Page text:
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A Good Man? Who was/is Jesus Christ? The question is controversial now, and it was controversial 2000 years ago. It is obvious that He was a remarkable Person. He has had more influence on history than any other human being. Some think that He was God. Some think that He was something above the average person, but was certainly not God. Some religions acknowledge that He was a great prophet, but stop short of accepting His claims. He claimed to be God. This leaves us with only three alternatives. One alternative is to acknowledge that He was indeed God come in the flesh. Another alternative is that He was a conscious, deliberate liar. If He was not God and knew that He was not, yet claimed to be God, He was a blatant deceiver and a liar. The third alternative is that He was a lunatic. If He was not God, but thought He was, He was to be pitied and belonged in an asylum. What all this means is, we cannot call Him a good man if He were not God. As one writer aptly put it, He was either the supreme Lord, or a Liar, or a Lunatic. Next time we will examine His claims to be God. The implications are great. If He really is God, He has authority over all His creatures. When He tells us how to live, these are not just suggestions; they are divine commandments.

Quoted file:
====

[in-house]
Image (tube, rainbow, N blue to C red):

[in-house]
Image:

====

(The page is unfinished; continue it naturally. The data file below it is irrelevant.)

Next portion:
Pastner, Tigers refuse to panic 8 • Tuesday, February 4, 2014
By Corey Carmichael